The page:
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Lady of the Forest
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Postby Lady of the Forest » Tue June 8th, 2010, 4:44 am

"CindyInOz" wrote:To be honest, I didn't really consider the fact that Claire was an adulteress - I was far too consumed by Jamie (my ultimate fictional hero) to worry about Claire... I don't think time travel stories can ever really be taken all that seriously. The Outlander series, for me, is pure escapism. Was Claire irritating, immature? Probably, but who cares! Jamie was awwwesome.


I think I am the only woman in the world who is not infatuated with Jamie. I have to say that I don't dislike him, but I am not in love with him, though perhaps that is because in my opinion Gabaldon's character development is not that good.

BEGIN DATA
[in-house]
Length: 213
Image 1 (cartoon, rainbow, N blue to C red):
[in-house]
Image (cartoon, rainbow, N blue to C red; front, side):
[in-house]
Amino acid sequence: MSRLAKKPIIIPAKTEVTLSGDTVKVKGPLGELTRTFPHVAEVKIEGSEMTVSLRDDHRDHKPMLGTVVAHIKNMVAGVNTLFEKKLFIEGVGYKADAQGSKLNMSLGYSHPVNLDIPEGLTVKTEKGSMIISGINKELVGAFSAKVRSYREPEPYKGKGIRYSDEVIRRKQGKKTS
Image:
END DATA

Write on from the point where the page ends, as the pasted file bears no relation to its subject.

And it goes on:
Her characters are not that "believable" to me, they don't really draw me into the story or captivate me. Sometimes her characters feel a bit too forced like she is trying too hard.

Maybe he will grow on me more as the book prograssess.
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Ordinary morality is for ordinary people

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Vanessa
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Currently reading: The Survivors by Kate Furnivall & The Clockmaker’s Daughter by Kate Morton (Pigeonhole)
Interest in HF: The first historical novel I read was Katherine by Anya Seton and this sparked off my interest in this genre.
Favorite HF book: Gone with the Wind by Margaret Mitchell!
Preferred HF: Any
Location: North Yorkshire, UK

Postby Vanessa » Tue June 8th, 2010, 8:47 am